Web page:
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[n. oh-ver-steer; v. oh-ver-steer] /n. ˈoʊ vərˌstɪər; v. ˌoʊ vərˈstɪər/
handling of an automotive vehicle that causes turns that are sharper than the driver intends because the rear wheels slide to the outside of the turn before the front wheels lose traction.
verb (used without object)
(of an automotive vehicle) to undergo or handle with an oversteer, especially excessively.
Compare understeer.
Origin of oversteer
1935-40; over- + steer1 Unabridged
Based on the Random House Dictionary, © Random House, Inc. 2015.
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Examples from the web for oversteer
  • Adjusting or changing them can change the stiffness of the suspension in roll and alter understeer and oversteer.
  • And that slight oversteer to be able to throttle through a corner.
  • During this tramping the handling characteristics become severely oversteer.
  • With a combination-unit truck, a jackknife crash results from an oversteer situation.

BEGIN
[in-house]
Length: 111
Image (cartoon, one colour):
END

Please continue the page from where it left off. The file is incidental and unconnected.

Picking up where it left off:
• Drivers who adjust their driving to road conditions do not overaccelerate and do not have to overbrake or oversteer.
  • Drivers may oversteer and lose control of the vehicle, leading to severe crashes.
  • As drivers oversteer to reenter the roadway, they are prone to lose control of the vehicle.
  • In cornering maneuvers, drivers may tend to oversteer or understeer which can result in loss-of-control crashes.
British Dictionary definitions for oversteer


verb (intransitive)
(of a vehicle) to turn more sharply, for a particular turn of the steering wheel, than is desirable or anticipated
the tendency of a vehicle to oversteer
Collins English Dictionary - Complete & Unabridged 2012 Digital Edition
© William Collins Sons & Co. Ltd. 1979, 1986 © HarperCollins
Publishers 1998, 2000, 2003, 2005, 2006, 2007, 2009, 2012
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